Amazon (NASDAQ:AMZN) has been quiet about specific figures behind its Amazon Prime Video service that's available to its paying members. However, now that the e-commerce giant has finally revealed the number of Amazon Prime members worldwide, we have a clearer picture of how its video service is performing.
In mid-April, Amazon CEO Jeff Bezos wrote in his annual letter that his company had racked up over 100 million Prime subscribers worldwide. This figure is useful when looking at the leaked numbers behind Amazon Prime Video that Reuters reported on in March. Using these two sources, we can draw some conclusions about how well Amazon Prime Video is performing for the company.
Amazon Prime Video's performance so far
Amazon has long told investors that it views its Prime Video service as just another incentive to get people to sign up for its Prime membership program. That's because Prime members spend more money on Amazon's platform. Amazon is now spending about $5 billion per year on original content and licensing content to encourage people to become Prime members, sources told Reuters.
That explains why Amazon specifically records how many of its Prime members signed up primarily for access to its video service. To do this, Amazon tracks which members start watching a show immediately after signing up for Prime. Between 2014 and 2017, more than five million new subscribers fit that profile, which is an estimated one-fourth of all sign-ups in that three-year period.
When Reuters came out with its report on the leaked internal document on Amazon Prime Video, the publication estimated that Amazon had just 75 million subscribers worldwide, but now we know it actually has over 100 million. And based on the leaked documents, just 26 million U.S. Prime subscribers were actively streaming the video service in early 2017.
This just goes to show that Amazon is not exactly looking to overtake Netflix, which has a stunning $8 billion content budget this year. In early 2017, Netflix had over 50 million U.S. subscribers, or about double Amazon's active U.S. video streamers at the time. Netflix is now up to 125 million subscribers worldwide, which is more than Amazon's total Prime subscribers, many of whom aren't even using the Prime Video service.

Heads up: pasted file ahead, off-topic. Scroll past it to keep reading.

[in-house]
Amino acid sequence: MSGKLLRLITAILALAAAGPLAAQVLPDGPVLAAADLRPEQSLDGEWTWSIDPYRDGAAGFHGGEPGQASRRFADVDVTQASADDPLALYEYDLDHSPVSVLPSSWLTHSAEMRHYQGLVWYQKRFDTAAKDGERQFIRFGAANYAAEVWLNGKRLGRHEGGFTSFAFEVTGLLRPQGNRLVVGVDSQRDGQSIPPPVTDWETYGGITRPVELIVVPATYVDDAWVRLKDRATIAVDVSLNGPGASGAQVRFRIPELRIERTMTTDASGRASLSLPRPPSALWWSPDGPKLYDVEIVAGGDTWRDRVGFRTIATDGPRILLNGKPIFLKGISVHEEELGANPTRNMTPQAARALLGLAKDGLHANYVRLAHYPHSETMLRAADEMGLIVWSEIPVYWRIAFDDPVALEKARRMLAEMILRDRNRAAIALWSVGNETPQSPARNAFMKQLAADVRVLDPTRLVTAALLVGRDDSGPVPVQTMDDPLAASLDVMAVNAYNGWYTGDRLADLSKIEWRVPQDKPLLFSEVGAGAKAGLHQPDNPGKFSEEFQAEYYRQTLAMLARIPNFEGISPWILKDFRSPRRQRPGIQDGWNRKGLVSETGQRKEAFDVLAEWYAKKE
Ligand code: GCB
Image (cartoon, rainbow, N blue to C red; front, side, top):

Amazon is still mainly known for its convenient online shopping platform and fast two-day shipping for Prime members, while Netflix is exclusively a video-streaming service. That's why many people are probably willing to pay for both a Prime membership and a Netflix membership. They're seen as two separate services rather than offering overlapping services.
Future Prime Video projects that could be hits
While Amazon might not have the viewership Netflix has, it's still impressive that 5 million people signed up for a Prime Membership over a three-year period mainly for access to its growing video library. And that figure should continue to grow as Amazon ups its content spend and continues to sign deals with big-name talent.
Amazon's most anticipated show is a five-season series based on The Lord of the Rings books by J.R.R. Tolkien. Amazon Studios beat out Netflix for the project, which is expected to cost upward of $1 billion, making it the most expensive TV show ever made. The three Lord of the Rings films and three Hobbit films that were all directed by Peter Jackson brought in a total of over $10 billion at the Box Office, so Amazon is likely to attract a wave of Prime subscribers with the release of this expensive take on a beloved series.
As part of the leaked internal documents, Reuters reported that Amazon's The Man in the High Castle had 8 million U.S. viewers in early 2017 and brought in 1.15 million new Prime subscribers across the globe. If that many people signed up for Prime just to watch a previously unheard-of series, you can imagine how many people might sign up for Prime to watch a $1 billion Lord of the Rings series.
The second most-anticipated video series from Amazon is probably one done in partnership with Jordan Peele, the writer and director of the hit "Best Picture" nominee Get Out, which won Peele the Oscar for best original screenplay. On June 5, Amazon announced that Peele had signed a deal that requires him to give Amazon a first look at his ideas for TV series. This comes after Netflix has already signed deals with Shonda Rhimes, Ryan Murphy, and Barack and Michelle Obama.
J.R.R. Tolkien and Jordan Peele both already have huge fan followings, so these upcoming series hold big potential for Amazon's Prime program. Its main issue might be how to entice its members to stay on board even after they watch the program they signed on to watch. That's why companies like Netflix can't relax after producing one or two hit series. Like Netflix, Amazon will have to churn out a continuous stream of hit series, as well as continue offering other Prime perks, such as unbeatable shopping prices, faster shipping, more Whole Foods perks, and more.
John Mackey, CEO of Whole Foods Market, an Amazon subsidiary, is a member of The Motley Fool's board of directors. Natalie Walters has no position in any of the stocks mentioned. The Motley Fool owns shares of and recommends Amazon. The Motley Fool has a disclosure policy.